The action starts a few months after the events in Athena’s Champion at the occasion of Odysseus’s sister’s wedding – which doesn’t go according to plan and sends him off on a quest to avenge a wrong. I am really fond of this clever young man, whose quick wits save him from death more than once in this fast-moving adventure, where gods are amoral beings, intent on widening their pool of worshippers by any means at their disposal. Being one of their champions isn’t the privileged position you might think, given their nasty habit of using their half-human offspring as disposable agents to influence or alter events to their advantage. We meet up once again with a number of the characters first featured in Athena’s Champion – most notably Bria, another of Athena’s champions, who accompanies Odysseus on this quest. She is inhabiting another body and her lusty, cynical attitude, along with her careless attitude to the body she has invaded, sets Odysseus’s teeth on edge.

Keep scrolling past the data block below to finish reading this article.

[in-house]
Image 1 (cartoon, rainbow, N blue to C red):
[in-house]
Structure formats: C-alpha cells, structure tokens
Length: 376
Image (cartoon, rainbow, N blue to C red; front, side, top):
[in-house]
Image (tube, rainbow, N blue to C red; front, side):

I liked learning more of the young man’s rocky relationship with the man who brought him up as his father, King Laertes of Ithaca, in this next slice of the adventure. And I also very much enjoyed the worldbuilding which Hair and Mayo weave in amongst all the double-dealing, life-changing prophecies, sorcery and thrilling fights. They effectively set out the political situation where the rise of the eastern cities, particularly Troy, is destabilising the scattering of states and islands further to the west. Not only is their culture under attack – their gods are in the process of being altered or swallowed up by their eastern counterparts – their financial future is also in jeopardy as traders increasingly drop off their goods at Troy, whose added tariffs are making life increasingly difficult.